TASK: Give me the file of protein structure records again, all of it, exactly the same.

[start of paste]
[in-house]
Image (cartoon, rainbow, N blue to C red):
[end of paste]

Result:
[in-house]
Image (cartoon, rainbow, N blue to C red):